LAU hosts intercollegiate dermatology conference
Residents and clinicians from five medical schools in Lebanon gather at LAU Medical Center – Rizk Hospital to present and discuss case studies of rare skin conditions.
The Department of Dermatology at the Gilbert and Rose-Marie Chagoury School of Medicine hosted the Lebanese Dermatological Society-sponsored Dermatology Clinicopathologic Correlation Conference last Saturday.
Taking place at LAU Medical Center – Rizk Hospital, the event brought together dermatology residents and practitioners to reflect on challenging cases, including live patient viewing, discuss latest treatments and scientific developments in the field, and promote inter-center learning.
“Skin is the mirror of different internal diseases,” said LAU Associate Professor and Chairperson of the Department of Dermatology Zeina Tannous, who acted as the program chair and moderator. “The goal of this multidisciplinary meeting is to look at dermatology from a different perspective, through different pathologies, including oncology, to benefit all disciplines.”
The day kicked off with the participants touring the hospital’s dermatology clinics giving them the opportunity to interact directly with four patients presenting problematic cases.
Taking part in the event was of utmost importance to William, 14, who has been suffering from a rare form of skin disease for the past four years, as he was able to discuss his condition with several doctors at once. So did Youssef, 68, and Celine, 23 ― two patients struggling with their diseases ― who welcomed the opportunity to discuss different treatments.
“This conference presented a unique opportunity to learn about rare and challenging cases that are difficult to diagnose and therefore to treat,” said AUB dermatologist Mona Matta. “It gave patients access to more than one medical opinion in a single setting,” she added.
Back in the conference room, residents from five medical schools in Lebanon presented 20 cases of diverse conditions chosen from dermatology departments at LAU and across the region. From rashes and pruritus to hard skin and melanoma, a wide variety of uncommon pathologies affecting patients from two months to 71 years old were presented.
“It is important that we, as medical professionals, collaborate and learn from each other,” said Dr. Dany Touma, head of the Lebanese Dermatological Society. “We have heard today about cases which many doctors may not see throughout their entire career,” he added.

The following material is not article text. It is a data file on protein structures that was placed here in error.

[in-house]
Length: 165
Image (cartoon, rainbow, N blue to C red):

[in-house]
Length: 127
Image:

LAU resident Farah el Chaer was on the panel presenting the case of a 71-year-old post mastectomy patient with a month-old history of right-arm erythema. The study showed the histopathological correlations between the two conditions, urging physicians to evaluate postmastectomy patients regularly and be prompt to biopsy any suspicious lesion. “I wanted to raise awareness of the importance of early diagnosis in some dermatological diseases which is key to improve survival rates,” el Chaer said.
On hand to give el Chaer and the other residents feedback was Paris-based dermatologist Dr. Selim Aractingi, professor at the Faculté de Médecine Paris Descartes and adjunct to the Department of Dermatology in Cochin Hospital, who is leading a research team on stem cells in skin biology at Pierre et Marie Curie Faculty of Medicine.
As co-moderator and guest speaker at the event, Aractingi talked about the relevance of and advances in personalized medicine. “I don’t recall hearing much about melanoma in Lebanon while growing up, but now we hear of many cases,” said the professor, whose research includes dermato-oncology and skin manifestations of hematological malignancies. Explaining the benefits of molecular analysis to classify, sub-classify and determine treatment efficacy, Aractingi suggested that a genetic comparison of melanomas from different countries may yield interesting results.
Throughout the day, the various presentations allowed the residents, and practitioners accompanying them, to engage in animated discussions about new research, recent practices and recommendations in the field. “It was most useful and insightful,” said Lebanese University resident Zeinab Youness, who presented studies about patients with pruritus and crusted lips.
As the event ended, the organizers reminded all that patient centeredness stands at the core of LAU health schools’ curriculum and approach. “This meeting would not have been possible without the contribution of our patients,” said Tannous. “We are indebted to them, and hopefully we did our best to make a positive change in their lives.”
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